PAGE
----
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Palaeontology

Fossils of giant otter unearthed in China

By T.K. Randall
January 23, 2017 · Comment icon 7 comments



Otters have roamed the Earth for millions of years. Image Credit: CC BY-SA 2.0 Garry Knight
Paleontologists have revealed the discovery of a prehistoric otter that was around the size of a wolf.
Dating back over six million years and weighing in at 100 pounds, these huge semi-aquatic mammals were thought to have once thrived in the shallow swamplands of ancient China.

The species was identified following the discovery of three partial skeletons and a complete skull and mandible at the Shuitangba Site in northeastern Yunnan Province, southwest China.
"While the cranium is incredibly complete, it was flattened during the fossilization process," said research team leader Denise Su from the Cleveland Museum of Natural History.

"The bones were so delicate that we could not physically restore the cranium. Instead, we CT-scanned the specimen and virtually reconstructed it in a computer."

Twice the size of today's otters, these enormous animals possessed powerful jaws and enlarged teeth that would have enabled them to crack open clams and other shellfish with ease.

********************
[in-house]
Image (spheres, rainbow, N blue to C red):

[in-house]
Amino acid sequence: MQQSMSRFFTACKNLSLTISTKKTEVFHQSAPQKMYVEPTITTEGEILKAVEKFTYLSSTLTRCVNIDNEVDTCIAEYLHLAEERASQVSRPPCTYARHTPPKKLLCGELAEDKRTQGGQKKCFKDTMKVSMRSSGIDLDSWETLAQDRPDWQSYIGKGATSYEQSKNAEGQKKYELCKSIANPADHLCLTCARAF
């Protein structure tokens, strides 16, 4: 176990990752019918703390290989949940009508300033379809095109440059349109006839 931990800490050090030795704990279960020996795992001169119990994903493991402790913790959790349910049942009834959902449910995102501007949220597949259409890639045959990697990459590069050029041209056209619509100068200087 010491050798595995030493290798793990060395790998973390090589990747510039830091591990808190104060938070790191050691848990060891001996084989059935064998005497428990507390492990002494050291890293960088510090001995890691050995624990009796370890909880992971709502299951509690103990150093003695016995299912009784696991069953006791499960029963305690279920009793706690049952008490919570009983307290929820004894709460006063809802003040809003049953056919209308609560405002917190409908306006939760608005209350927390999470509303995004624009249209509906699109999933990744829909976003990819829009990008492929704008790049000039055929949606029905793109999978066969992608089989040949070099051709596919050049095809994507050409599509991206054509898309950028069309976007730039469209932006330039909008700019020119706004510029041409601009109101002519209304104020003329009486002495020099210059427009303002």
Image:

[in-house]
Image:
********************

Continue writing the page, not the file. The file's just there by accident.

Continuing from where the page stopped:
Source: Gizmodo | Comments (7)


Recent comments on this story
Comment icon #1 Posted by Lilly 6 years ago
Otters are cute...giant otters are kind of scary though. Glad they lived 6 million years ago!
Comment icon #2 Posted by Still Waters 6 years ago
I like otters and have only ever seen some in a wildlife park. It would be nice to see one in the wild, a normal sized one that is!
Comment icon #3 Posted by Mr.United_Nations 6 years ago
The amazon otters are fairly large
Comment icon #4 Posted by oldrover 6 years ago
The normal sized ones are a bit frisky too, as a 15 year old the late British Wildlife presenter Terry Nutkins lost the end of two fingers to a Eurasian otter called Edal.  
Comment icon #5 Posted by freetoroam 6 years ago
Six million years ago, the wetlands and river valleys of southwestern China were full of life:  Well this can not be put down to over fishing or pollution  by the Chinese, today is a different story.
Comment icon #6 Posted by Lucas Cooper Merrin 6 years ago
Why is it that all fauna are getting progressively smaller? 
Comment icon #7 Posted by newbloodmoon 6 years ago
me likey the giant otter....


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